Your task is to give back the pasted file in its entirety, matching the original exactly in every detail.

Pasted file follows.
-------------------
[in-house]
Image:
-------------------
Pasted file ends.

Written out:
[in-house]
Image: